A follow on from my previous post...
The Turing Test is a test invented by the mathematician Alan Turing in a paper published in 1950 in Mind. He is approaching the question, "Can Machines Think?"
Here is an excerpt from this paper:
1. The Imitation Game
I propose to consider the question, "Can machines think?" This should begin with definitions of the meaning of the terms "machine" and "think." The definitions might be framed so as to reflect so far as possible the normal use of the words, but this attitude is dangerous, If the meaning of the words "machine" and "think" are to be found by examining how they are commonly used it is difficult to escape the conclusion that the meaning and the answer to the question, "Can machines think?" is to be sought in a statistical survey such as a Gallup poll. But this is absurd. Instead of attempting such a definition I shall replace the question by another, which is closely related to it and is expressed in relatively unambiguous words.
The new form of the problem can be described in terms of a game which we call the 'imitation game." It is played with three people, a man (A), a woman (B), and an interrogator (C) who may be of either sex. The interrogator stays in a room apart front the other two. The object of the game for the interrogator is to determine which of the other two is the man and which is the woman. He knows them by labels X and Y, and at the end of the game he says either "X is A and Y is B" or "X is B and Y is A." The interrogator is allowed to put questions to A and B thus:
C: Will X please tell me the length of his or her hair?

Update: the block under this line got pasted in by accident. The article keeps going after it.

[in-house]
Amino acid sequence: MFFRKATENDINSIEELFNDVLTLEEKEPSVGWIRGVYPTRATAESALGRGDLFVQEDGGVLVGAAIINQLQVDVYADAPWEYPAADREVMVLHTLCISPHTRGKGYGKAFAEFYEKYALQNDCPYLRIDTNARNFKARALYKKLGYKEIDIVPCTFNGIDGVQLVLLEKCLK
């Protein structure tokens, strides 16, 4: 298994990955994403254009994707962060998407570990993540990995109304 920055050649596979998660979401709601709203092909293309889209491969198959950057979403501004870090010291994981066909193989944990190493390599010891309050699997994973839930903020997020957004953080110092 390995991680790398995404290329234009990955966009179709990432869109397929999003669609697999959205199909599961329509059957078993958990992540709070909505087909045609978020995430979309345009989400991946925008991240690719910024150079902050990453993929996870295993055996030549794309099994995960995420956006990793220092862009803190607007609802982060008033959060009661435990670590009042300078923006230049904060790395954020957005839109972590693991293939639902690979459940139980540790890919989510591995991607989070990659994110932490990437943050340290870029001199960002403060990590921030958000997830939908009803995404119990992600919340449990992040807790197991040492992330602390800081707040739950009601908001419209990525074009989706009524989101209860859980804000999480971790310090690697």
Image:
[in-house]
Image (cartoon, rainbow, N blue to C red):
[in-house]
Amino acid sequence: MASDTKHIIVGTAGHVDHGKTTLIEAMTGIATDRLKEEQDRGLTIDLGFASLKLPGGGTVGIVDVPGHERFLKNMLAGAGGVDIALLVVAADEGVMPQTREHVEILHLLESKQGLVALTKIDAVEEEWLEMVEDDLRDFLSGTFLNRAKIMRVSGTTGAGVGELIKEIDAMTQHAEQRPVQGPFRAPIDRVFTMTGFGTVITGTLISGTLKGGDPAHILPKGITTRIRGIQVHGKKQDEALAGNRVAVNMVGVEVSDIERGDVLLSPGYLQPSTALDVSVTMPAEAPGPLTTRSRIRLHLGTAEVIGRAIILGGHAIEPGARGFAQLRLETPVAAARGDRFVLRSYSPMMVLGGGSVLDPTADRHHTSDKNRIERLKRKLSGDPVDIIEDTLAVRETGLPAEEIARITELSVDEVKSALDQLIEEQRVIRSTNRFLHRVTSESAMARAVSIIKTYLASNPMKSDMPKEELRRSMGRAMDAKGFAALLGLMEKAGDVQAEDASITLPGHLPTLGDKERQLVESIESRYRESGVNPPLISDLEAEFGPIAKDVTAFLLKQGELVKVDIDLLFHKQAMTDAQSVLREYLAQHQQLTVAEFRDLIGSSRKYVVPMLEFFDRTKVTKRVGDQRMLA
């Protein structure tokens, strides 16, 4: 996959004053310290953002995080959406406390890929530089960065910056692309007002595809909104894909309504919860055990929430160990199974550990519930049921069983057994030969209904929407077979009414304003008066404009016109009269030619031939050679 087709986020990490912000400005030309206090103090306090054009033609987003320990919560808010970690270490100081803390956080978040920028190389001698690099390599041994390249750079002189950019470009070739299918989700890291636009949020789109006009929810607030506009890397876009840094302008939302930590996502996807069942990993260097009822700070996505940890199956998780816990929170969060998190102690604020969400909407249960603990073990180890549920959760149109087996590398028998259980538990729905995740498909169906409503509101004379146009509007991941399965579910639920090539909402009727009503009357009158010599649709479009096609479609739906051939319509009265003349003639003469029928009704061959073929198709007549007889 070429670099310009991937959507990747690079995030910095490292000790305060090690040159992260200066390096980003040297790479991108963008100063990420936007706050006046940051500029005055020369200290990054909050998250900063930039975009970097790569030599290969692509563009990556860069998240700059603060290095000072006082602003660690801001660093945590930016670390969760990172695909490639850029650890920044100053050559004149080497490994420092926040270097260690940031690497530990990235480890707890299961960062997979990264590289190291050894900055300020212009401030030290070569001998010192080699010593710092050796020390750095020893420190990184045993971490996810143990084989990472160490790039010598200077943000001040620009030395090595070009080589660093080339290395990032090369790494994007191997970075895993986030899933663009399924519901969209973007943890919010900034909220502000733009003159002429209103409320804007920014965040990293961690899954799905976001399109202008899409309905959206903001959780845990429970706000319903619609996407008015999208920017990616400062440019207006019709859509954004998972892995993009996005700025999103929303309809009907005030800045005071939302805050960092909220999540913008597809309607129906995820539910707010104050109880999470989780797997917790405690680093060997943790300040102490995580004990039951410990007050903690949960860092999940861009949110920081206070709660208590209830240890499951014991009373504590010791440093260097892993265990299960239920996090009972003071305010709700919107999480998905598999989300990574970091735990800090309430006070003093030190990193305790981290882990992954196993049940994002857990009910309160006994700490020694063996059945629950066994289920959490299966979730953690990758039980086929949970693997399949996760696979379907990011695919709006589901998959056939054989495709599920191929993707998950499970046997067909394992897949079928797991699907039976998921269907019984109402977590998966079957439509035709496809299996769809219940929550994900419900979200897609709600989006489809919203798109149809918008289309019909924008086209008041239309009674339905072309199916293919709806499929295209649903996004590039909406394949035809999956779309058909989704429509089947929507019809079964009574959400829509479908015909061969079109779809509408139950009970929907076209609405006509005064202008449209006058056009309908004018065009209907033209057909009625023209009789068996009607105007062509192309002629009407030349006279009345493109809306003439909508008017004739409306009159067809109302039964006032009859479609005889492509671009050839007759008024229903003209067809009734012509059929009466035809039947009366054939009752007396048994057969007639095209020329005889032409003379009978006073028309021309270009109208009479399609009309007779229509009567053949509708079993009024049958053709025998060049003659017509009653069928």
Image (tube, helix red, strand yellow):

Now suppose X is actually A, then A must answer. It is A's object in the game to try and cause C to make the wrong identification. His answer might therefore be:
"My hair is shingled, and the longest strands are about nine inches long."
In order that tones of voice may not help the interrogator the answers should be written, or better still, typewritten. The ideal arrangement is to have a teleprinter communicating between the two rooms. Alternatively the question and answers can be repeated by an intermediary. The object of the game for the third player (B) is to help the interrogator. The best strategy for her is probably to give truthful answers. She can add such things as "I am the woman, don't listen to him!" to her answers, but it will avail nothing as the man can make similar remarks.
We now ask the question, "What will happen when a machine takes the part of A in this game?" Will the interrogator decide wrongly as often when the game is played like this as he does when the game is played between a man and a woman? These questions replace our original, "Can machines think?"
He replaces this question with another question, "Can a machine fool a human into thinking the machine is conscious?"
The real question which most of these fictional stories about AIs answer in the affirmative, is, "Can a machine be created which actually is conscious?"
In fact, it is very hard to prove consciousness. No one really knows what it is. The only person one can be completely certain is conscious is oneself, when one is conscious. Believing others are conscious is actually an act of faith, in a sense.
The philosopher Alvin Plantinga in his book God and Other Minds 1967 proposed that belief in God was analogous to belief in other minds, both being apparent from evidence and fundamentally rational beliefs, but that neither belief in God nor belief in other minds could be conclusively proven against a determined sceptic.
Since we do not really know what consciousness is, how can we ever create it in a machine?
In other words, the Turing Test can never prove consciousness (Turing never claimed it could) it can only prove that a machine can be created that can imitate consciousness.